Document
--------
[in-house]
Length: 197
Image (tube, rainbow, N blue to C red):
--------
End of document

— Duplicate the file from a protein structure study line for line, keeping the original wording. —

[in-house]
Length: 197
Image (tube, rainbow, N blue to C red):